This post is about newly formed businesses in Rwanda.
With a view of starting my own (either here, or elsewhere in the region), I have an interest in understanding “the scene” as deeply as possible: this post distills what I’ve learnt so far.
Rwanda is young.
I recently found out that 50% of the population is under the age of twenty. With a life expectancy in the sixties, this means a disproportionate number of people are about to leave the education system and enter an economy geared towards providing employment to a smaller workforce.
Releasing lots of energetic, young people into a world where they don’t have the skills or opportunities to contribute to society in a meaningful way leads to a whole host social issues down the line. That’s why efforts have been taken to teach the population a relevant skill set (such as getting coding on the school curriculum) and create an ecosystem around job creation.
Whilst NGOs have been incredibly helpful at providing basic amenities to those at the bottom of the pyramid, the act of fostering an environment where private sector companies can start, scale and grow has a positive social impact on the whole population through the employment it provides.
Undertaking this sort of analysis, it then becomes unsurprising that the Rwanda government has made efforts to promote burgeoning businesses.
One of the things I was quick to hear was the speed in which people can set up a business in the country.
It takes 6 hours.
There’s plenty more that the government does, though I’ll let the state-owned newspaper tell you in its own words.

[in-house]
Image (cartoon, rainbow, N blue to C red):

Through a combination of this general business-positive atmosphere and more formal public-private partnerships, organisations have sprung up to support and nurture individuals pining to create a successful business.
From my conversations and research, these are the main players
Government sponsored and also with support from a Japanese corporation. It offers free space/ wifi/ advice to entrepreneurs who are starting out on their start up journey.
Who comes here: students/ graduates/ those working on an idea
Part of the wider African Entrepreneur Collective, entrepreneurs hire Inkomoko for a 12-month contract, and in exchange for strategy consulting, classes, mentorship, website development, and access to their loan fund with rates at half those of local banks.
Who comes here: businesses with customers/ revenue, but who still benefit from high-level advice such as feedback on their business model
An accelerator programme with strong links to Israel that has just started out. They invest/ take an equity stake of the companies in each cohort, and in exchange help them with skills necessary to scale.
Who comes here: businesses happy with their business model and are at, or close to “product-market fit”
An international organisation offering similar services, but more focused on social enterprises. The Kigali office had their 1st year birthday at the beginning of August.
Who comes here: individuals/ organisations looking to grow their social venture
As my main motivation in this early stage of my journey in East Africa is to understand what it’s like to “do business” in different countries across the region I’ve spent a not insignificant amount of time working from entrepreneurial hubs, and speaking with start ups operating in the country.
As a result I can report on some of the start ups currently operating here. Whilst not exhaustive*, it feels pretty representative.
Software for distributors in the brewery industry. 95% of the country’s beverages come from one brewery, Torque creates software so the distributors can track orders and replace stock.
Solar energy as a service. Started by three Imperial graduates they are now one of the largest “off grid” energy suppliers electrifying the country.
Drones delivering health packages to typically inaccessible rural areas. Huge Silicon Valley investment, pushing the boundaries of tech/ healthcare in the country.
A way for people to transfer money between different mobile networks. Two brothers hustling around an incumbent system.